This goes on to create a second phrase, slightly modified and transposed (Rule 2), until it gets to “Don’t talk, put your head on my shoulder.”  There, Wilson invokes Rule 1, using a seventh as a kind of dominant, but instead of resolving it to a tonic, he takes it back to a subdominant function, then dominant again, where it cries for resolution, but instead he transposes again! (Rule 6)  When the seventh is finally resolved (Rule 6), it is to a new, transposed tonic where Wilson still does not let the listener have the anticipated release. (On “beat” of “heart beat.”)   Instead, he maintains tension by using second inversion (Rule 4).  By making the bass play the fifth of the chord instead of the root, Wilson keeps the listener yearning for resolution to the tonic.  The musical result is breathtaking.  We’re at the tonic, but why is the bass just hanging there? Please, please just play the root!  So the listener is taken on a trip of harmonies that hold promise for resolution; any resolution is slow in coming and when it does, it’s incomplete, and it still keeps the listener hanging.

    Wilson uses similar techniques in “God Only Knows.”  I defy anyone to determine what key this song is in (Rule 6). He starts the song on subdominant, resolving to tonic (Rule 1). Is it a coincidence that this is the same chord pair that comprises “Amen” that so often follows hymns?

    The second line “You’ll never need to doubt it, I’ll make you so sure about it” is indeed the first line slightly modified and transposed up (Rule 2).  Wilson builds tension by keeping the bass off the root (Rule 4).  On the word “need” Wilson uses a diminished chord, the sound of incompleteness, to perfect his intended feeling. But the diminished chord does not resolve, but reverts back to the temporary tonic (Rule 3). The tension is then released at “God only knows what I’d be without you…” where we hear the “Amen” chords in comforting progression that seems to be heading for tonic.  It’s arrival is short lived, as a sudden and brief transposition leads to the second verse.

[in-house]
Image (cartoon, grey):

“You Still Believe in Me” uses much more traditional harmony than the previously discussed songs. It implements some of Wilson’s rules.  Starting on the tonic, it defies Rule 1, but sure enough Rule 2 is implemented when  “Every time we break up” is a modification of the first phrase, transposed a 4th higher.  Things start to happen at “bring back your love to me.” At “me”, the music arrives at a new tonic, the confidence in the text being exemplified in the music by having the bass play the root.  Then comes the phrase “And after all I’ve done to you, so faithfully…” Over “done” is laid a comforting subdominant function, the bass very purposely still on the subdominant root.

    Then magic happens at “You still believe in me.”  The chords change to the tonic (“still be-“) but the bass just hangs there at the subdominant.  The bass does go on to the tonic, but by then the chords are back to subdominant (“-lieve”), totally out of sync with each other, creating tension with unresolved sevenths (Rule 3).  Then on “me,” with a glorious, unexpected, and extended diminished chord (Rule 3), it becomes clear why the chords and bass had to disengage for a while.  Next to that diminished chord, which is extended for several beats through “I wanna,” the beautifully resolved “Cry” is a very welcome tonic.  This is what the ear yearned for, and it cascades down in lovely traditional harmony.

    I hope you found this interesting and helpful. That’s all for now.

    Tom Polk